Since a Stock is a pool of resources, it helps to know how much of a resource you have to work with. Slack is the amount of resources in a Stock. The more resources you have, the more Slack you have.
To run efficiently, a System should have just enough Stock – not too much, and not too little.
Take an automotive manufacturing system as an example. If there’s no Stock of engines available to be installed when a car reaches that part of the assembly line, that’s a problem – the car must wait until an engine is ready, holding up everything in line behind it.
To prevent this issue, ensure that the Stock is large enough to handle the level of Outflows that are needed to keep the system running. Add Inflows as they’re used up.
Large Stocks have the most Slack, but that flexibility comes with a cost. If you have four hundred engines waiting to be installed, you’ll have lots of money tied up in inventory, which reduces your cash flow. You’ll also need to pay for space to store the engines, which increases your costs and decreases your Profit Margin.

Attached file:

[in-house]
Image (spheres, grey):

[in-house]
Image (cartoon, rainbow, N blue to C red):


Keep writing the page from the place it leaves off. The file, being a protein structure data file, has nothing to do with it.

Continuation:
Small Stocks are more efficient but have less Slack. If you only have a Stock of four engines, you won’t have a large amount of resources tied up in inventory. But the chances of running out of engines is greater if the assembly line speeds up, or if there’s a problem with the engine manufacturing system.
If you have too much Slack, you’re wasting money. Too little, and your system may run out of the resources needed to continue operating. The key is to find the right balance.
To learn more about slack, check out The Personal MBA by Josh Kaufman.